In the afternoon heat on Monday, speakers emitted Dave Matthews Band music while a cougar named Jayla licked her paws. Tables displaying fish tanks and hats made of recycled soda cans cluttered the sidewalk while petitions were thrust in front of students.
It was all part of the annual Earth Day celebration sponsored by the Life Sciences Club. But what made the celebration special, club president Sarah Barry said, was the variety of viewpoints represented at the event.
“I think it’s good to have two conflicting sides,” Barry said. “You learn a lot more when you find out from both sides.”
One presenter was emotional when she realized a man advocating raising fish for consumption was at the celebration.Gael Murphy, a representative for Florida Voices for Animals, moved her presentation several tables away from Hans Geissler, the founder and president of Morning Star Fishermen.
“What (fish farmers) do is grow fish in tanks and load them with hormones,” Murphy said of Geissler. “(Fish farmers) even put dye in water to make salmon look more red.”
Geissler said his organization, which is not for profit, simply teaches people in impoverished areas, such as Haiti, to raise fish. Geissler said he instructs people to feed fish vegetables and said he doesn’t feed fish hormones.
“We are raising fish to feed people. Without food, people are going to die,” Geissler said. “Why should I feel guilty? We should be concerned with people dying of malnutrition and the children in Africa who walk around like skeletons.”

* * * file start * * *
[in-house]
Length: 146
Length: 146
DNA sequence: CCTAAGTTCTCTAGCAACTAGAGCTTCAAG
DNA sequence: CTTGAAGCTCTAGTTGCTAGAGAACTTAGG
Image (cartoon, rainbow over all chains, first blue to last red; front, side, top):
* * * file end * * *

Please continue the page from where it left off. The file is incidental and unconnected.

To further support his position, Geissler referred to a story in the Bible about Jesus feeding fish to a crowd of people.”It’s good enough for Jesus,” he said. “Not everyone is a vegetarian. This is just the food chain.”
Lea Banks, a senior majoring in biology and president of USF’s Students for the Ethical Treatment of Animals, distributed snacks completely free of animal products and by-products.
Banks said SETA attempted to convince Sodexo-Marriott, the company that provides meal plans to students living on campus, to offer a vegan alternative.
“We collected hundreds of signatures last year,” Banks said. “But Marriott has such a monopoly over food plans.”
Banks said the company offers a salad bar, but meat alternatives, such as soy, should be available.
“You can’t just leave off the meat,” Banks said.
In addition, Banks said, by-products including butter, should not be used to cook vegetables. Margarine or vegetable oil make better alternatives, she added.
Banks said SETA didn’t make much progress in obtaining a vegan meal plan but is focusing on another environmental issue at USF – an undergraduate biology requirement involving the dissection of such animals as crayfish and clams.
Although Banks is focusing on animal biology, she said she was forced to take a course in microbial biology because she refused to participate in or observe dissections.
“I was ethically opposed to giving my money to watch cruelty,” Banks said. “I had to take a course in microbes even though it was totally unrelated to my curriculum.”
Banks said the university should use electronic programs and illustrated lab manuals in place of dissections.
SETA, Sarasota in Defense of Animals, and Florida Voices for Animals will be protesting the use of animals in classroom experiments at USF this Saturday. The demonstration is planned for noon to 2 p.m. under the overpass that connects the USF Medical Library and Veteran’s Hospital.
Calling the event the ideal opportunity to discuss exotic wildlife legislation, Judy Watson, executive director for Survival Sanctuary for Wildlife came to the celebration with Jayla, a five-year-old cougar.
“We need to develop a better understanding and appreciation of our natural resources and improve protection of wild animals,” Watson said.
“There is a close relationship between animals and people.”
Contact Rachel Pleasant at email@example.com